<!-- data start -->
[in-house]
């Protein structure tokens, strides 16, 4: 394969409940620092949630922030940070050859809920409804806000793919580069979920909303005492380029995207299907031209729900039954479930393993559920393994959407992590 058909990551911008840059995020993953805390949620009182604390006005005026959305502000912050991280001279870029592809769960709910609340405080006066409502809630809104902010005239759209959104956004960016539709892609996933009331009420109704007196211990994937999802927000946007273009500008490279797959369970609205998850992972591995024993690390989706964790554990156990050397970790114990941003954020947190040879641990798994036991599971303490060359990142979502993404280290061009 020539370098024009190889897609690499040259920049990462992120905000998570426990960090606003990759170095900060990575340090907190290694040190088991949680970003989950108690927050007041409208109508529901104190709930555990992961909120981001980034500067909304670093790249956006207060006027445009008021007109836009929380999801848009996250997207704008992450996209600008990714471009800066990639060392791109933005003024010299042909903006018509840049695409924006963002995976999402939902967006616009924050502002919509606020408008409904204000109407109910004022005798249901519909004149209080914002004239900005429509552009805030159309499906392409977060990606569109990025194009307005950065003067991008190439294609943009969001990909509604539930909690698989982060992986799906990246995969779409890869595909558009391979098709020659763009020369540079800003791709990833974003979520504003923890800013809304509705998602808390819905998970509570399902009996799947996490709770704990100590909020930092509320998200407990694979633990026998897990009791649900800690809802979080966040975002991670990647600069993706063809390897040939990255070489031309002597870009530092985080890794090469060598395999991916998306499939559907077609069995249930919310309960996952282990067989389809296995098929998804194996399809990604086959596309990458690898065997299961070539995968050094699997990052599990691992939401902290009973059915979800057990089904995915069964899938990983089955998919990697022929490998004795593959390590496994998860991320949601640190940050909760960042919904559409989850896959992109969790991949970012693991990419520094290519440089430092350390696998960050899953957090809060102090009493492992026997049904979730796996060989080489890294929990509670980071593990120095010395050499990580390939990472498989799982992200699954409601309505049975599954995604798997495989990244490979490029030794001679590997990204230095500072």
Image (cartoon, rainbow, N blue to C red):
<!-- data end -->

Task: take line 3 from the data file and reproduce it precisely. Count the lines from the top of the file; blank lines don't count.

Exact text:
Image (cartoon, rainbow, N blue to C red):